Ten-year-old Allie is beside herself when she learns that her family is moving far away from her best friend, Ruthie. When her family arrives at their new home, however, Allie begins to form new friendships immediately. There is Allie's favorite friend, the rich girl, Martha, who goes to Catholic school but plays with Allie in the afternoon. And then there is Mimi, who is Jewish like Allie, chubby and desperate for friendship; she attends Allie's school but has been held back in the third grade. Petty BFF politics take center stage as the three girls, along with a few peripheral characters, vacillate among loyalty, jealousy, friendship and rejection. Predictably and unrealistically, Mimi loses weight, improves her reading enough to get promoted to fourth grade with Allie's help and earns herself the overvalued title of Allie's official best friend. Minus the few passages and scenes that serve to establish the Great Depression-era setting, the story could have happened just about anywhere. Neither a great friendship saga nor a good choice for historical reading. (Historical fiction. 8-12)

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Product Details

ISBN-13:
9780316041355
Publisher:
Little, Brown Books for Young Readers
Publication date:
05/01/2010
Pages:
230
Sales rank:
750,304
Product dimensions:
5.20(w) x 7.50(h) x 0.90(d)
Age Range:
8 - 10 Years

Meet the Author

Children's Poet Laureate Mary Ann Hoberman is the author of more than thirty-five books for children, including the critically acclaimed A House Is a House for Me, which won a National Book Award, the New York Times bestselling You Read to Me, I'll Read to You, and the Sing-Along Stories series. Her website is www.maryannhoberman.com.

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Strawberry Hill 3.3 out of 5 based on 0 ratings. 7 reviews.
Anonymous More than 1 year ago
Although this novel is set in the great depression, it is still very applicable in today's society. It is learning about friendship and how to treat others even if they are different than you.
Anonymous More than 1 year ago
Anonymous More than 1 year ago
gl More than 1 year ago
It's the time of the Great Depression and Allie's father has been unemployed for a long time. When her father is offered a job and the family prepares to relocate from their two family home to their own house in the country, ten-year-old Allie does not want to go. She lives next to her best friend Ruthy Greenberg and Allie enjoyed the time she spent with the friendly Greenbergs' home. But when Allie hears that their new home will is called Strawberry Hill, she pictures a beautiful home surrounded by strawberry plants and begins to look forward to their new home. As Allie and her younger brother Danny explore their neighborhood, they are quick to make friends. Her next door neighbor Martha is her age, a hopscotch whiz, and quite friendly. But Martha's best friend, the wealthy banker's daughter Claire, is not half as likable. Allie is willing to put up with Claire to spend time with her favorite new friend Martha. Nine-year-old Mimi lives next door also befriends Allie, but Martha and Claire find Mimi strange and look down on her with the cruelty that comes easily to ten-year-old girls. But Allie feels bad for Mimi - she isn't as bad as Martha says. When Danny and Mimi hit it off, Allie finds that she enjoy spending time with Mimi. As Allie makes her way through the challenges of Strawberry Hill, she finds her true friends. When I first started Strawberry Hill, I had to put it down. I started to feel uncomfortable once it was clear that Martha made fun of Mimi and Allie was willing to avoid Mimi to stay on Martha's good side. I just didn't want to read about the bullying that goes on among young girls. But it was good that I came back to the book because it's much more than bullying - the is about standing up for yourself and sticking by your friends. It's heartwarming and I recommend it highly. Publisher: Little, Brown Young Readers (July 1, 2009), 240 pages. Courtesy of the publisher.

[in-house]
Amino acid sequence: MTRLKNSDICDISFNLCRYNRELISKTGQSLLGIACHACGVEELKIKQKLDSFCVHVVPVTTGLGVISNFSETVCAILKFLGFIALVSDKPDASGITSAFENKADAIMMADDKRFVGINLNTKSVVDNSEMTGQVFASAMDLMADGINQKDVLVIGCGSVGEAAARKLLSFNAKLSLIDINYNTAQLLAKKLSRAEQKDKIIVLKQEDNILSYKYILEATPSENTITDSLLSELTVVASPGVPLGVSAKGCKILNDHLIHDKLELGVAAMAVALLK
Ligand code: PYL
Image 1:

Anonymous More than 1 year ago
Anonymous More than 1 year ago
MJMS More than 1 year ago
After purchasing this book in B&N on Tuesday I was horrified about the anti-Catholic sentiment that this author portrays to young readers. I read books for the most part first before passing them on or reading them to my children. As a Roman Catholic this is one of the worst betrayals and even more souring knowing that this is a children's book. I only made it to page 48 out of the 230 published pages. On page 23 & 24 the author has the main character, Jewish, meet a Catholic girl who are both 10. The anti-Catholicism starts there. By page 42 the Catholic girl is portrayed as a liar. On page 44, the story contiues with - ...Martha says nobody went to heaven except Catholics. When I asked my father..."Don't listen to all that hogwash", he said. "Jews go to heaven just like everyone else. We probably even go more because we're the chosen people. But we don't brag about it." On page 46 Martha (Catholic) tells Allie (Jewish) that a girl she was playing with smells and that she (Allie) shouldn't be playing with her. Two pages later I put the book down and will not read any more. I feel it extremely unneccesary to pinpoint the "bully" to be a Catholic and the Jewish girl to be a "victim". A similar story could be told in general, non-religous terms which this author has not done. This author is making her debut with this novel and it is horrific to think that this is an acceptable book to share with 3rd to 6th graders. The author has tarnished her new children's poet laureate named by the National Poetry Foundation. Shame on Ms Hoberman and shame on the publisher Little, Brown and Company for letting a book like this be in the hands of our youngsters.